The inmate accused in the deadly attack against two correctional officers at the Arkansas Valley Correctional Facility has been identified as 33-year-old Miguel Contreras-Perez.
Official say that Contreras-Perez acted alone when he attacked the officers, killing one and critically injuring the other on Monday.
55-year-old Sergeant Mary K. Ricard was killed in the attack. The other officer, Sgt. Lori Gann, was critically injured and taken to Parkview Medical Center in Pueblo for treatment.
Alison Morgan, a spokeswoman for the Colorado Department of Correction, said the incident happened in the kitchen during early-morning breakfast preparations. Morgan said lower-risk inmates regularly help prepare meals there.
Contreras-Perez is serving a 35-year to life sentence for the crimes of kidnapping and sexual assault with a deadly weapon.
"It was a limited, isolated assault," said Morgan during a briefing Monday afternoon at the San Carlos Correctional Facility in Pueblo.
The Colorado Bureau of Investigation and the Office of the Inspector General are conducting a probe into the attack.
Ricard began her career with the Colorado Department of Corrections at Buena Vista Correctional Facility in November 2003. She transferred to Arkansas Valley Correctional Facility in February 2007.
Many DOC facilities remain on lockdown until the investigation is complete. Morgan said the move is to provide the AVCF with any necessary resources. Meals for inmates at the facility are being prepared at and brought in from other DOC facilities, she said.
Gov. John Hickenlooper visited the injured officer at Parkview on Monday afternoon after touring the AVCF earlier. He released the following statement regarding the incident:
"We are deeply saddened by the death this morning of a staff member at the Arkansas Valley Correctional Facility. Our condolences go to her family and her co-workers at the facility. Our hearts and prayers are also with the staff member who was injured and remains hospitalized. We are doing all we can to support the families and employees impacted by this incident."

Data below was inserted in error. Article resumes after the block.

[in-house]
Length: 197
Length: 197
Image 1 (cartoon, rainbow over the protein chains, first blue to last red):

Among those attending Monday's briefing was Buffie McFadyen, a former state lawmaker who now serves as executive director of Corrections USA, a nationwide nonprofit group representing corrections officers and staff.
McFadyen said she worries about safety and understaffing at the facility since two state budget cuts in the past decade. The DOC said the facility currently has 999 inmates with a capacity of 1,007, overseen by a staff of 324.
"We remember police officers, the State Patrol and sheriff's deputies," said McFadyen. "But we don't often remember the correctional officers who work 24 hours a day, seven days a week with the same people we lock up."
Morgan said the population at the AVCF is a mix of minimum, medium and close custody inmates. Close is the next step before maximum, the most serious level of offenders.
Tom Clements, DOC executive director, did not attend Monday's briefing because he's recovering from a serious bicycle accident. Morgan said Clements is following the investigation from his hospital bed, and conveyed condolences to the officers' families.
"We're hurting and we're in mourning," said Morgan about the DOC.